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Author Topic: What you didn't know about Jack the Ripper  (Read 1897 times)
MWBailey
Rogue Ætherlord
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United States United States


"This is the sort of thing no-one ever believes"

rtafStElmo
« Reply #25 on: March 17, 2014, 10:56:23 pm »

In fact many of the most notorious serial killers of modern times have been notable for their anonymity, and the phrase 'the pretty much kept to themselves and seemed normal enough' has become a bit if a cliché in the annals of grisly crime.




Good thing I'm a steampunk and everybody knows it Cheesy.
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Walk softly and carry a big banjo...

""quid statis aspicientes in infernum"
Fairley B. Strange
Zeppelin Overlord
*******
Australia Australia


Relax, I've done much dumber things and survived..


WWW
« Reply #26 on: March 18, 2014, 12:13:55 pm »

Funnily enough, looking like a serial-killer would presumably make it very hard to work as a serial-killer...

Compared to the modern varieties, Old Jack would barely rate a mention. His main advantage was that he was the first of his ilk to experience the literary wonder that is modern tabloid journalism - snappy nickname, if it bleeds it leads sensationalism, even make up the facts and write your own letters to the media when the real story isn't hot enough to keep selling papers.
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Choose a code to live by, die by it if you have to.
Paul Huxley
Swab

United Kingdom United Kingdom


« Reply #27 on: May 08, 2014, 09:58:22 pm »

I think that one of the things that is often overlooked in this case is the fact that prostitutes being killed was not a rare occurrence. With an estimated population of sex workers as high as 75000 and criminal detection being simplistic at best, coupled with the Victorian mentality towards such people, it's odd that these few murders made the head lines at all. It really was the grisly aspects of the case that caught public attention.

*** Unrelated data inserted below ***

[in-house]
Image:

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Heckler
Zeppelin Captain
*****
United Kingdom United Kingdom



« Reply #28 on: May 09, 2014, 09:14:10 am »

I think that one of the things that is often overlooked in this case is the fact that prostitutes being killed was not a rare occurrence. With an estimated population of sex workers as high as 75000 and criminal detection being simplistic at best, coupled with the Victorian mentality towards such people, it's odd that these few murders made the head lines at all. It really was the grisly aspects of the case that caught public attention.

A popular misconception is that Victorian London was a hotbed of murder and hence the confusion as to why five or six more would make the headlines, actually it was little different to the statistics today and was improving in the latter part of the 19th century due to better policing.  Unusual crimes always made the headlines as you point out, it sold papers and the Ripper murders sold them in hoards, as the London Monster had a century before, mainly because murder then, just as murder now usually had a clear motive, robbery, passion etc., whilst the Ripper murders appeared to have none.

Also it's worth mentioning that professional sex workers, 'gay women' as they were called at the time, weren't as common as often penniless working class women who would 'turn gay' for a brief period to get the rent when they ran out of money.
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We live on a placid island of ignorance in the midst of black seas of infinity, and it was not meant that we should voyage far.
H.P. Lovecraft
"The Call of Cthulhu"
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